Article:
Hungary’s economy pay growth in the private sector continued to accelerate. However, the overall gross average salary growth slowed to an annual 16.7% in November from 18.1% in October. This indicates that the labor market remains tight even as the economy slows.
Inflation has yet to peak in certain countries, such as Hungary, where annual inflation ran at 24.5% in December. However, central banks in Central Europe have finished or are attempting to end policy tightening after strong rate hikes to combat inflation.
In Hungary, private sector pay growth continued to pick up steam, increasing to 18.7% from 16.8% in September and 18.2% in October. The government and employers agreed upon a 16% increase in the minimum wage for 2023; this will impact salary decisions as the year begins.
While this year’s salary growth will be 15%, the overall wage growth for 2022 will likely exceed 17.5%. However, if there are any intermediate wage increases like last year, this may be even higher.
According to the Central Statistics Office (KSH), the increase in the minimum wage last year and already anticipated salary increases and supplemental increases all contributed to the wage gain in November 2022.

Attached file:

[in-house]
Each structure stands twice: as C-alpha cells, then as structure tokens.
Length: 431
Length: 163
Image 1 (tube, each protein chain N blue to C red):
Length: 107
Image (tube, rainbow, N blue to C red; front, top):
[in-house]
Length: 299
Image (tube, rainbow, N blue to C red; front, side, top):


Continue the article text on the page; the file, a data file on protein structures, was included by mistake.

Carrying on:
The central bank felt less pressure after data released last week revealed that wages in the Polish business sector increased less than anticipated in December, sustaining double-digit advances but displaying the second-slowest growth rate in 2022.
For the first time in 11 months, Japan reduced its outlook for the global economy in January as China’s COVID-19 infections and a slowdown in demand for technology and semiconductors affected exports, particularly to Asia.
The third-largest economy in the world should improve in the future. Still, Japan must pay close attention to the impact of China’s expanding diseases as a result of China’s removal of strict pandemic limits, according to the report. The most recent assessment from the Cabinet Office states that “the economy is rebounding moderately but some weakness is noticed recently.”
For the first time in three months, the authorities decreased their opinion of imports and their assessment of exports for the first time since November 2011. According to the January report, exports and imports have both “weaken recently” as opposed to the previous estimate of “nearly flat” from the previous month.
Amid monetary tightening, inflation, and changes in the financial markets, the government also continued to be wary of the potential negative effects of the global economic recession.
In the meantime, the Cabinet Office upheld its estimate of domestic demand in Japan, stating in the most recent report that private consumption was “growing up modestly.”
However, the government maintained its assessment from December that the recovery in industrial production was slowing.
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